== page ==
Note to all Internet users: Trust no one

Whistleblower Edward Snowden says U.S. telecom companies all collaborate with NSA, accuses Britain of storing every bit of Internet data it can

Customers should assume that American multinational telecom companies are providing the U.S. government access to their personal data, according to whistleblower Edward Snowden. In an interview with Der Spiegel conducted before he went public about the NSA's surveillance programs, the former NSA contractor also said that punishing companies who collaborate with the agency should be "the highest priority of all computer users who believe in the freedom of thought."

In the interview, Snowden also said the NSA and Israel co-wrote the Stuxnet worm, which knocked out Iran's nuclear program in 2011, and he asserted that U.S. allies like Britain are engaging in surveillance programs similar in scope to those of the United States.

Last month, Snowden outted several companies, including Facebook, Apple, and Microsoft, for sharing data with the NSA as part of the U.S. government's widespread surveillance programs. In turn, many of those companies have scrambled to do damage control to assuage customers' privacy concerns. Meanwhile, political and business leaders overseas are urging their countrymen to steer clear of U.S.-based service providers to prevent their communications from being intercepted.

In the Der Spiegel interview, Snowden made comments that could further fuel that mistrust of doing business with U.S.-based communications companies. "Generally you can say that multinational [telecom companies] with headquarters in the U.S. should not be trusted until they prove otherwise," he said. "This is unfortunate, because these companies have the ability to deliver the world's best and most reliable services -- if they wanted to."

He said that consumers and privacy groups could drive change by pressuring companies to protect customer data and by not doing business with companies who won't. "Civil rights movements should use these revelations as a driving force. The companies should write enforceable clauses into their terms, guaranteeing their clients that they are not being spied on. And they should include technical guarantees," Snowden said. "If you could move even a single company to do such a thing, it would improve the security of global communications. And when this appears to not be feasible, you should consider starting one such company yourself."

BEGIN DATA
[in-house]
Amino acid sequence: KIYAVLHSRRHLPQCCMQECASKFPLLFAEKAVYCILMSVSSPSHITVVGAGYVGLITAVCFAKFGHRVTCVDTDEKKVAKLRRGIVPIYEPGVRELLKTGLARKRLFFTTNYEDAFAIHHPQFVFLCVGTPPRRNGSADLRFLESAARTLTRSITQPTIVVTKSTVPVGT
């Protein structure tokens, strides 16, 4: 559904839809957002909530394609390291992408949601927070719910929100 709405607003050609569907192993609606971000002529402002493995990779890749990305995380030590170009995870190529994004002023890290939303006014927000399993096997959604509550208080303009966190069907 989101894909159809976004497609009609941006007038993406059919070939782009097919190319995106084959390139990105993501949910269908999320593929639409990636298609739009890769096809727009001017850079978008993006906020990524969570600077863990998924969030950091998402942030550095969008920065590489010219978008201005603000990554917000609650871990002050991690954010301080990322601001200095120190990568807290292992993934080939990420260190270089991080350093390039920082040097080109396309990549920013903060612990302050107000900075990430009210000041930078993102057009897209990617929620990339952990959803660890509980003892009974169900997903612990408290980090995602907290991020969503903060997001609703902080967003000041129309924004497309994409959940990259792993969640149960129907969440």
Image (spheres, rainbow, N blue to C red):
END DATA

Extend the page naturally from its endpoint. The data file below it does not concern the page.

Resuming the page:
He went on to say that "if the collaborators are punished by consumers in the market," the list of companies that refuse to cooperate with the NSA will inevitably grow." Punishing those companies, he said, "should be considered priority one for anyone who believes in freedom of thought."

Snowden made his opinions crystal clear that he had little faith in the U.S. legal system reining in the PRISM program. When asked who would be charged in the wake of the NSA leak, he replied, "In front of U.S. courts? I'm not sure if you're serious.... Who can be brought up on charges is immaterial when the rule of law is not respected. Laws are meant for you, not for them."

Snowden also alleged that the NSA is in cahoots with law enforcement agencies overseas. "For example, we tip them off when someone we want is flying through their airports (that we for example, have learned from the cellphone of a suspected hacker's girlfriend in a totally unrelated third country) -- and they hand them over to us," he said. "They don't ask to justify how we know something, and vice versa, to insulate their political leaders from the backlash of knowing how grievously they're violating global privacy."

What's more, he said that the "Five Eye Partners" -- the United States, Britain, Australia, New Zealand, and Canada -- collectively "go beyond what the NSA itself does." For example, he said the United Kingdom has a system called TEMPORA that's a "full-take Internet buffer that doesn't care about content type and pays only marginal attention to the Human Rights Act."

"It snarfs everything in a rolling buffer to allow retroactive investigation without missing a single bit," he said. "If you send a single ICMP packet and it routes through the U.K., we get it. If you download something and the [Content Delivery Network] happens to serve from the U.K., we get it.... Even the Queen's selfies with her lifeguards would be recorded, if they existed."

This story, "Note to all Internet users: Trust no one," was originally published at Get the first word on what the important tech news really means with the InfoWorld Tech Watch blog. For the latest developments in business technology news, follow on Twitter.

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